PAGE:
Abstract Index Books of Deeds

. . . give information about property in a particular township, but they are listed by county in the catalog. Search the Family History Library Catalog Place Search under the name of the county and the topics Land and Property or Land and Property — Indexes. Abstract Index Books are arranged by county, township, concession, and lot numbers. They tell what happened to a particular piece of property through time, from the date of the original grant or patent to as late as 1959. Memorial numbers (file numbers) are listed for each transaction (sale or will).

Memorial number____________________________

Deeds

. . . With a memorial number for the years prior to 1880, you can look for deed records. If the library has copies, deed books are found in the Family History Library Catalog Place Search under the name of the county and the topic Land and Property.

After you have searched the records in this guide, there are other land records that may be valuable to search. These records can be found using the Family History Library Catalog Place Search under Ontario, or the name of the county, and the topic Land and Property.

Step 3. Search for probate records

When individuals died, their land was usually sold or transferred to an heir or creditor. Usually a person's last will and testament was copied either into a deed book at a land registry office, or into a probate record at the probate court or surrogate court to make a land transfer official.

Copies of the will or probate papers are rarely filed in both the land registry office and the court. But probate papers in the land registry are a hint that you may find some additional related papers in court records.

Probate Registers and Estate Files

The Abstract Index Books, listed under Step 2, are the major indexes to wills recorded or memorialized in deed books. If land records show the person's estate was proved or probated before a court, look for the person's name in one of the following sources:

Surrogate Court Records Index

  • Surrogate Court Records Index, 1793–1858. FHL fiche 6334160 [set of 8. Toronto: Ontario Genealogical Society, [198 ?]. This index may list dates, volume and page numbers, and the county that received the preB1854 records. For film numbers of indexed records, check the Family History Library Catalog Place Search under the name of the county and the topic Probate Records.

More recent surrogate court records can also be found under the same catalog Place Search heading. For a county-by-county index see:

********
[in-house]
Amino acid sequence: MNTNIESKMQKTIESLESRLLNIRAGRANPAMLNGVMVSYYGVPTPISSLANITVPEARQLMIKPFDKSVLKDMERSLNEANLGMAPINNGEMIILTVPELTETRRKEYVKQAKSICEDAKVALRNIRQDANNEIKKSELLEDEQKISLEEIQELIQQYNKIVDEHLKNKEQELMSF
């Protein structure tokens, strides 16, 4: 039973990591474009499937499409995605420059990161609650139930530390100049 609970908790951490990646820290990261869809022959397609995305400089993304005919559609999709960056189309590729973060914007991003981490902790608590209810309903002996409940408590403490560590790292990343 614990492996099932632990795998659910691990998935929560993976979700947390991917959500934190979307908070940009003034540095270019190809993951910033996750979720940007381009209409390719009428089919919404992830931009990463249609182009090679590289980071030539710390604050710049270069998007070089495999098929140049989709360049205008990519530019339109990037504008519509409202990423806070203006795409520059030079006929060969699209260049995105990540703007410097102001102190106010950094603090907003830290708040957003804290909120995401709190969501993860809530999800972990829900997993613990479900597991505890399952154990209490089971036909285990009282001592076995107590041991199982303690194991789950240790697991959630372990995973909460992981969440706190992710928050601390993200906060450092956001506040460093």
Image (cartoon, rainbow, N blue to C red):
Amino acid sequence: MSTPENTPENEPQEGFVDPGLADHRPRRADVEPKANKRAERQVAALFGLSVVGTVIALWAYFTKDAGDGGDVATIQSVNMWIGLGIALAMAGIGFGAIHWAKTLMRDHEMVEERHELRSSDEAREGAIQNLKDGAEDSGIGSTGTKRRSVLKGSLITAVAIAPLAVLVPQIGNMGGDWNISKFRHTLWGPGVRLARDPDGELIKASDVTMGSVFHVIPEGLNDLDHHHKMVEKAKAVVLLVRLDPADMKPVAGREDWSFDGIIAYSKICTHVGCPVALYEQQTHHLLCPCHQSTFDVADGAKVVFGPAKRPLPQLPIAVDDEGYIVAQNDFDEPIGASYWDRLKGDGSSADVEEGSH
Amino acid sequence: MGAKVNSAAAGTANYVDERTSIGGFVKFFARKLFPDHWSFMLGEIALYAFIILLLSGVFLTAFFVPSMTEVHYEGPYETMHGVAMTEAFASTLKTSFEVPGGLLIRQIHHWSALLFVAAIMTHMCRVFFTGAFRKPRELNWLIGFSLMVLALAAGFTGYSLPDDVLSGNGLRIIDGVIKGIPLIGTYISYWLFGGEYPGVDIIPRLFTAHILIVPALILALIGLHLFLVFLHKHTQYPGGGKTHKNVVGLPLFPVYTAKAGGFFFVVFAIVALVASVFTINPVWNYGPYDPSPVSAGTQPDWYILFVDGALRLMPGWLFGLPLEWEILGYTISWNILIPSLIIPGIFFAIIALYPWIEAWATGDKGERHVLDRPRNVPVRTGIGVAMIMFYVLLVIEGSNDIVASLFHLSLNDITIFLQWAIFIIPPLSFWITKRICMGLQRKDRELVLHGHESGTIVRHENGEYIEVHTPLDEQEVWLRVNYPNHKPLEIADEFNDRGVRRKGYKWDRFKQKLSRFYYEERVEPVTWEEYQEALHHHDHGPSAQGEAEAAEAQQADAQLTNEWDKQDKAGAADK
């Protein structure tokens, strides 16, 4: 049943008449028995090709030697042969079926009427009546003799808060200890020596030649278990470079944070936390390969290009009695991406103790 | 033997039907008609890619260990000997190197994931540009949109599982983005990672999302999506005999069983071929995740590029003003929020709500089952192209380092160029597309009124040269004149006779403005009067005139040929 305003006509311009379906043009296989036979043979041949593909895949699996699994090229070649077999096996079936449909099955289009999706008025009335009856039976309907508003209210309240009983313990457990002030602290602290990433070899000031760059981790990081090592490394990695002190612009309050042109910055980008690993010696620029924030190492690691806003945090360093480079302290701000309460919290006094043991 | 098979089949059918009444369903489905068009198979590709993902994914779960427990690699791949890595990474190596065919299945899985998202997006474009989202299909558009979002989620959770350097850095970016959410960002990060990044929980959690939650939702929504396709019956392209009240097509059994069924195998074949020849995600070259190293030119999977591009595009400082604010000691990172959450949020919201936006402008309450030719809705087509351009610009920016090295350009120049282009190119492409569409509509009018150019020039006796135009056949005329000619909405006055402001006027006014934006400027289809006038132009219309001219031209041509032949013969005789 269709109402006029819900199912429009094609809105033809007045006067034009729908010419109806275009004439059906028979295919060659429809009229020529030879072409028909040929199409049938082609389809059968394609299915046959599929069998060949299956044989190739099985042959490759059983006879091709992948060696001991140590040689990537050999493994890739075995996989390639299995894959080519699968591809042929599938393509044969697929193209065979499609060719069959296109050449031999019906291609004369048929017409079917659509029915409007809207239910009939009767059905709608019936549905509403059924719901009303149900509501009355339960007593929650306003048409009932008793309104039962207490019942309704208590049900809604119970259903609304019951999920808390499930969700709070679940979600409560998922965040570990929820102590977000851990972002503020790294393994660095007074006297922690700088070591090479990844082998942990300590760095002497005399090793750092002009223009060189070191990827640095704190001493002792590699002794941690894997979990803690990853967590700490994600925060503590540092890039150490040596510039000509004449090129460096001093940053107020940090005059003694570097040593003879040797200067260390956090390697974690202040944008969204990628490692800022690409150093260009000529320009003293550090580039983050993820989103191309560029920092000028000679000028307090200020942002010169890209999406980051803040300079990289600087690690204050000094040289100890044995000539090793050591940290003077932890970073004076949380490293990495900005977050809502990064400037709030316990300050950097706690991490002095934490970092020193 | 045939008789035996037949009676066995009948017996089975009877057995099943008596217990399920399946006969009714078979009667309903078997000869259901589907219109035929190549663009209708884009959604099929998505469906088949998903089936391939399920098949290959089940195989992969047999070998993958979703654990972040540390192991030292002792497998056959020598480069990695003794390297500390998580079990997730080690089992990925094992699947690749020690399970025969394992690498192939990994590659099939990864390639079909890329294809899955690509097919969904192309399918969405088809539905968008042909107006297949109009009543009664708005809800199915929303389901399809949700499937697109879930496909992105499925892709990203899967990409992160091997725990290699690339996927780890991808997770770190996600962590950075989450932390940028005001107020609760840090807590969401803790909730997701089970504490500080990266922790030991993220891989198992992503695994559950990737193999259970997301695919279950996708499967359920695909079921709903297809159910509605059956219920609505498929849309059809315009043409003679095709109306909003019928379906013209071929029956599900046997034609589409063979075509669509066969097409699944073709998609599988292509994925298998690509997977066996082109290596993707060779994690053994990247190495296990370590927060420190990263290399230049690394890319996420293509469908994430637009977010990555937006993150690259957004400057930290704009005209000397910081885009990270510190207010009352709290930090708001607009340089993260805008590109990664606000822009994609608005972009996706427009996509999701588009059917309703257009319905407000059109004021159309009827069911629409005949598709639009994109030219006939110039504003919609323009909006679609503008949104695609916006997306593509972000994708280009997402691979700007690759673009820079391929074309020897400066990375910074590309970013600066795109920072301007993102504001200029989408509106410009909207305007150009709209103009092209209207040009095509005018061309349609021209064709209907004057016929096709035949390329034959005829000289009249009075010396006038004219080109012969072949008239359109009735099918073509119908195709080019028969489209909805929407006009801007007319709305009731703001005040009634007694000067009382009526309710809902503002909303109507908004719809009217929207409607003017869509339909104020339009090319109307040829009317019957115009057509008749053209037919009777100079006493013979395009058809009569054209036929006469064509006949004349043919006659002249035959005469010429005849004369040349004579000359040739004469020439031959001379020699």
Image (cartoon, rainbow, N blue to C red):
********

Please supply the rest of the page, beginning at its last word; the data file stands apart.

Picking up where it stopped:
• Surrogate Court Index of Ontario, Canada, 1859-1900. FHL book 971.3 P22g by June Gibson. 27+ vols. Agincourt, Ont.: Generation Press, 1988B. This index lists name, locality, will number, and year proved. A table in each volume lists the Archives of Ontario microfilm reel numbers that are indexed in that volume.

Search other record types

If you cannot locate land records for your ancestor, you could also search Church Records, Censuses, Directories, Military Records, or Taxation Records. For details about the value, use, and availability of these and other record types, see the Ontario wiki page and Canada wiki page.

Bibliography

For a detailed discussion of land records see:

Brenda Dougall Merriman, Genealogy in Ontario: Searching the Records, 3rd ed. Toronto: Ontario Genealogical Society, 1996. [FHL book 971.3 D27m 1996]. Pages 89-114 discuss land records; explain key dates, townships, concessions, lots, the land grant process, the Ontario Archives Land Record Index, abstract index books, the registry system; and include several document facsimiles.

Archives of Ontario, "From Grant to Patent: A Guide to Early Land Settlement Records, ca.1790 to ca.1850" (Archives of Ontario Research Guide 215) at www.archives.gov.on.ca/english/guides/rg_215_grant_to_patent.htm (accessed 11 December 2008).

Sources



To search many of the land records, it helps to know the township of residence and land description. Begin by searching for your ancestor's name in the record indexes listed under Step 1.

Some land records are arranged geographically by land description and include no surname indexes. To search these records, use the description of the land where your ancestor lived, including the township name, concession number, and lot number as described in Step 2.

Most southern Ontario townships are divided into strips of land, called concessions, which run from one border of the township to the other. Each concession includes farm lots of 100 or 200 acres. Lot 1 in the First Concession joins Lot 1 in the Second Concession, which in turn joins Lot 1 in the Third, as shown below. As you search the land records, record the concession and lot number of your ancestor's land.

Example Divisions of Ontario Townships
I II III IV V VI VII VIII
1 1 1 1 1 1 1 1
2 2 2 2 2 2 2 2
3 3 3 3 3 3 3 3
Concession numbers in Roman numerals. Lot numbers in Arabic numerals.

The indexes and records described in this guide are also listed in the Place Search of the Family History Library Catalog under Ontario and the topic Land and Property.